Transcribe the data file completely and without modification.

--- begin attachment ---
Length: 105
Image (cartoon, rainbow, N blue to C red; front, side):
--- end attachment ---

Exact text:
Length: 105
Image (cartoon, rainbow, N blue to C red; front, side):